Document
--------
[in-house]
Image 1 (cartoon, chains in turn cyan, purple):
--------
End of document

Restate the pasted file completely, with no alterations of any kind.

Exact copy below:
[in-house]
Image 1 (cartoon, chains in turn cyan, purple):